Facts About Violin That You Should Know
The violin is an acoustic string delicate and beautiful orchestral instrument, crafted from wood. It is being used in almost every music genre from centuries. It is a great instrument that inspires both the musicians and audiences.
Different shapes and sizes are available in the online and offline market to suit players, both young and old.
The beauty of different sizes are that your child can start playing violin by taking violin lessons at a tender age and as he or she grows, you can get a bigger for him or her accordingly.
Child Sized Violins
There are different sizes available for children of different age groups.
Player’s Arms Length Size
14 to 15 inches – 1/16 size
15 to 17 inches – 1/10 size
17 to 17.5 inches – 1/8 size
17.6 to 20 inches – 1/4 size
Adult Sized Violins
Large violins are suitable for older children, small adults, and adults, in general, depending upon their arm size.
Player’s Arms Length Size
20 to 22 inches – 3/4 size
22 to 23.5 inches – 7/8 size
23.6 and above 4/4 (full sized)
There are two types available in the offline and online market. They are:
1. Acoustic Violin: In an acoustic or non-electric, four strings are stretched from tuning pegs to a tailpiece passing over the bridge made of maple. These maple transfers sound vibrations to the soundboard. They are the traditional violins and best suited for new players. They produce the highest tune without using any extra equipment. Also, in a violin family, these are the smallest ones.
2. Electric Violin: As per the name, these rely on electronic signal output to create a bold sound. More advanced violinists use These. It creates a sharper sound as compared to the acoustic violins.
Violins based on period or era
Some are classified on the period or era by place of their origin.
1. Baroque Violin: These old styles are classified on by the period they were made. They have a shallower neck and angle as, during that period, not much thought was given to chin and shoulder rests. Its strings were made from gut and strung using equal tension making it difficult to play.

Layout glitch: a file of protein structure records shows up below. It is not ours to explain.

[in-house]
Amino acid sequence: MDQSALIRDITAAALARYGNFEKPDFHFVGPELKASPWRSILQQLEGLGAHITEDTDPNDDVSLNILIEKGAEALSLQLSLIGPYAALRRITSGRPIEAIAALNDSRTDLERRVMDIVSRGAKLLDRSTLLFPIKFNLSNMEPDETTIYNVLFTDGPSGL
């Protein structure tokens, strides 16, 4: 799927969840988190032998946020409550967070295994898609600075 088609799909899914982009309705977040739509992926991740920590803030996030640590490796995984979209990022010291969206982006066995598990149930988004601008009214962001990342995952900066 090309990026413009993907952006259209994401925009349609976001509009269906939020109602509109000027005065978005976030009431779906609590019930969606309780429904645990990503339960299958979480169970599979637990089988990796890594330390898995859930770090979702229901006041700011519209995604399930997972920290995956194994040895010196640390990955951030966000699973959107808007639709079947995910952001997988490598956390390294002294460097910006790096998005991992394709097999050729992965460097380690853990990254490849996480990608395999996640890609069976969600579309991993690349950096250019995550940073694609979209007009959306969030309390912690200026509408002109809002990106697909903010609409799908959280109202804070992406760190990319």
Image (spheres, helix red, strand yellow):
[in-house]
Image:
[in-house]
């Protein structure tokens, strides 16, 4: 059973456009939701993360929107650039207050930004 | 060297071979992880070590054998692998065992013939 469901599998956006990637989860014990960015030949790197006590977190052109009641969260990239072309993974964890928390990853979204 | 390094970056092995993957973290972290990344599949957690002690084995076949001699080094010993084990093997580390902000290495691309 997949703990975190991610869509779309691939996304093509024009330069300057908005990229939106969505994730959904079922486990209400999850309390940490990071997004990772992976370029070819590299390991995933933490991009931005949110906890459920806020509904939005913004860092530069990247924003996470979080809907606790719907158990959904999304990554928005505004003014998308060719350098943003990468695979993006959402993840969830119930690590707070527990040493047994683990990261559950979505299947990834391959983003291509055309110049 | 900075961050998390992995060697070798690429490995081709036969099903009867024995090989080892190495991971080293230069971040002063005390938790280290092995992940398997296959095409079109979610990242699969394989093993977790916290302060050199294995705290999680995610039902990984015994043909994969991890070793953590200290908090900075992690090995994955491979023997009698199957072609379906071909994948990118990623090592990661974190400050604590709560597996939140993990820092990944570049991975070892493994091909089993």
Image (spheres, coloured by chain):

2. Classical Violin: A violin of the classical period has a thinner neck and small heels as compared to that of a baroque violin.
3. Modern Violin: The neck of violins from this period was more sharply angled and thinner. The strings on the modern-day violin were synthetic and tuned higher.
Violin Care and Maintenance
To keep a violin in the perfect condition, proper maintenance is a must. For this, you need to make sure your violin and its accessories are properly stored in a case when not in use. For the first time violin buyers, here are a few accessories to consider to properly preserve the instrument:
Case: If you are only buying a violin, then you will have to buy a case separately. But if you order an “outfit,” you will get a bow, rosin and a case with your violin.
Humidifier: To avoid tonewoods from being damaged, you need to keep your acoustic violin at 45-50% relative humidity. People living in dry areas need to buy an instrument humidifier.
Cleaning Supplies: To keep your violin upright, keep it away from dirt and dust.
Strings: Strings need to be changed every 6 to 12 months depending on how much you play.
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